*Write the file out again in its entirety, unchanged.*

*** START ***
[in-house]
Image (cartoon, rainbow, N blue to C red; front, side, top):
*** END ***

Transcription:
[in-house]
Image (cartoon, rainbow, N blue to C red; front, side, top):